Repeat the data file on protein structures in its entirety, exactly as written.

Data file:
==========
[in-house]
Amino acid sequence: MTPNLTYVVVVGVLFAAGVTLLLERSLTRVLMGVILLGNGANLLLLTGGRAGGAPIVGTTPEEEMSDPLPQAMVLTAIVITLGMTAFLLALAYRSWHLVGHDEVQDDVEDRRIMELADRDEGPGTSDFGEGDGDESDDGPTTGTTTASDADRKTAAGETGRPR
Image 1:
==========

[in-house]
Amino acid sequence: MTPNLTYVVVVGVLFAAGVTLLLERSLTRVLMGVILLGNGANLLLLTGGRAGGAPIVGTTPEEEMSDPLPQAMVLTAIVITLGMTAFLLALAYRSWHLVGHDEVQDDVEDRRIMELADRDEGPGTSDFGEGDGDESDDGPTTGTTTASDADRKTAAGETGRPR
Image 1: